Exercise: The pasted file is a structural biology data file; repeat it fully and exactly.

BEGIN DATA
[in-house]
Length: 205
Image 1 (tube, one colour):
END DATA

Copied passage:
[in-house]
Length: 205
Image 1 (tube, one colour):